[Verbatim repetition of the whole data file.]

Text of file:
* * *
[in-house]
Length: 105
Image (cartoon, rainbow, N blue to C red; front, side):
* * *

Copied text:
[in-house]
Length: 105
Image (cartoon, rainbow, N blue to C red; front, side):